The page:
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I remembered the many generous people who sent me unpublished manuscripts and self-published works, as well as the team of volunteers who translated a short-story collection so that I would have a book to read from São Tomé & Principe.

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I also found other things. Buried in a stack of notebooks that had languished on top of the bookcase long before the AYORTW shelf took shape, I found scraps of a diary from early 2009.

It was not a happy time for me. Having given up my job with the ambition of earning my living purely from writing and editing, I was feeling lost and very doubtful of my ability to achieve my goal. In one entry, I wrote:

A feeling of real depression, uselessness, worthlessness and rubbishness. Have I been here before? I’m not sure to this extent. I feel a fraud. Always a fraud. What can I write? I’ve spent a year twiddling with ideas, churning out words, some of which are half-decent but none of which go anywhere. […] I need to get myself out of this, prove I can do it. […] Sit down at the computer and go on through. This is getting to life and death now. Honesty, that is the key. To write something honest and fearless. […] Sit down tomorrow, brainstorm and write. Not be afraid that the chain of words will break.

 

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At the time, I couldn’t have guessed that the chain of words that would ultimately pull me out of that funk would be written not by me, but by hundreds of strangers around the world.

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It’s taken a few days, but at last I am relatively well-established in the place that will be my home for the next few months. For the first time in my life, I have my own writing room.

The AYORTW books have their own temporary shelf too. It’s rather ramshackle and constructed mostly out of packing boxes, but it has managed to stand up for 24 hours. Arranged in a different order (just imagine the exciting conversations they must be having with their new neighbours), they are staring out at me now.

They will watch as I continue with my next project, another novel. If ever the writing process gets difficult, inspiration will be close at hand.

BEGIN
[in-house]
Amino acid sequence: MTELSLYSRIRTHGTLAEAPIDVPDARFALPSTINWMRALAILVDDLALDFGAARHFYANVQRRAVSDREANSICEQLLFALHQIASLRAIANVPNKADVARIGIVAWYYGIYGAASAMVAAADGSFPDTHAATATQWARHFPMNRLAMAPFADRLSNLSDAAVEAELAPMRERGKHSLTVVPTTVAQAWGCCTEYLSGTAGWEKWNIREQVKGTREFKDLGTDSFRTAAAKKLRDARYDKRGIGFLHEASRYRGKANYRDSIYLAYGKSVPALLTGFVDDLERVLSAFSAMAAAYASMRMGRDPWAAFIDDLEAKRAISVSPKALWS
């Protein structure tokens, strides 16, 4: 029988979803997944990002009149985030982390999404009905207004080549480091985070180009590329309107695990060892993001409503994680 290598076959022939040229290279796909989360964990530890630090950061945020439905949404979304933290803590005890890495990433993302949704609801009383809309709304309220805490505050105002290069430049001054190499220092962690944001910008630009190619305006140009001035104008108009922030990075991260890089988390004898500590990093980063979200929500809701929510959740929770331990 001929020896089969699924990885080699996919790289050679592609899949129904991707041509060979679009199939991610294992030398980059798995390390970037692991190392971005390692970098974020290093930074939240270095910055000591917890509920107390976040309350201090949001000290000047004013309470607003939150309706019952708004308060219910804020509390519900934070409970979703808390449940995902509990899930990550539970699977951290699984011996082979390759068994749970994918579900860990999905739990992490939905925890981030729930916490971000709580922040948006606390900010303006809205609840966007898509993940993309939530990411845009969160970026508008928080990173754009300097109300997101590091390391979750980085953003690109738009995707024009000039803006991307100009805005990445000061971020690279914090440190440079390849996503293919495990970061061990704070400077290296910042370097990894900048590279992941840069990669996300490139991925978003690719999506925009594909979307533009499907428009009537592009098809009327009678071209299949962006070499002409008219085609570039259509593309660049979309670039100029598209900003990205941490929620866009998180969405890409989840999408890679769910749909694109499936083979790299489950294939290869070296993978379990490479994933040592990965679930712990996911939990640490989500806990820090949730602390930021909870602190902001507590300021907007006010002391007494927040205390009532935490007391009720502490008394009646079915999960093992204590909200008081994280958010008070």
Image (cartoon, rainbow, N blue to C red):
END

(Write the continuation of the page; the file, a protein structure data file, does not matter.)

World bookshopper: #9 The Big Comfy Bookshop, Coventry

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One of the best arguments for supporting bookshops as opposed to purely buying books online, is that they make unexpected encounters possible in a way that websites can’t. When you’re browsing most online retailer’s sites, your screen will be filled with a host of recommendations tailored to your buying history – a list of things that are like what you’ve liked before dictated by a sophisticated algorithm intended to maximise the chance that you’ll purchase another product.

In a bookshop, by contrast, as you wander from stand to stand, almost anything can catch your eye. You might go in looking for the latest bestselling thriller and come out with a memoir by a Norwegian lumberjack, or cross the threshold in search of a present for a friend and re-emerge half an hour later with a previously unheard of title that will keep you spellbound for the bus ride home.

In a bookshop, what you see is dictated less by your own previous choices than by the tastes and interests of those running and stocking the store. As a result, spending time in such places exposes you to more possibility and variety in the literary landscape, and can help challenge, disrupt and expand your reading habits.

As venues for unexpected encounters go, The Big Comfy Bookshop in Coventry has much to offer. Set up around two years ago after owner Michael McEntee took the brave decision to give up his day job and pursue his dream of running a wordmonger’s, the store is one of a series of quirky and creative businesses in Fargo Village on Far Gosford Street. There’s a comic shop next door and a film memorabilia purveyor a few units down, as well as numerous vintage-clothing traders with stands set up around the central hall.

It’s raining the day I go, but you wouldn’t know it from the throng of people gathered in the shop. Sitting at an eclectic array of chairs and tables, sipping coffees, teas and the occasional beer, they have just heard a talk from author Kate Riordan, the speaker before me in the line up of this, the inaugural Big Comfy Literary Festival.

Riordan is still there signing copies and while she does so, I take the opportunity to explore.

Although new books by the authors speaking at the festival are on sale near the counter for the weekend, the bulk of the Big Comfy merchandise is second-hand and, as such, dependent on the tastes of readers who have gone before. The usual suspects are out in force – a formidable crop of Wilbur Smiths, James Pattersons and Patricia Cornwells rubs shoulders with US classics such as Catch-22 and Fear and Loathing in Las Vegas.

As is often the case in second-hand shops, translations are not much in evidence. However, there are some unexpected titles in the mix. I spend an intriguing five minutes flicking through a book called How to Clicker Train Your Cat. In addition, there is an impressive spread of sci-fi and fantasy fiction.

When I ask McEntee if this reflects a particular interest of his, he tells me that it doesn’t. In fact, some 90 per cent of this section comes from a friend of his who needed to downsize his collection.

Yet, while The Big Comfy Bookshop may be beholden to others for much of its stock, the tastes of its founder and his colleagues are everywhere apparent. From playful quotations and notes bearing personal recommendations from the staff on the shelves to posters for regular folk-music evenings and a handsome array of cakes on the counter, the place is alive with an enthusiasm for creating a cheerful, cosy, ‘comfy’ space that celebrates reading.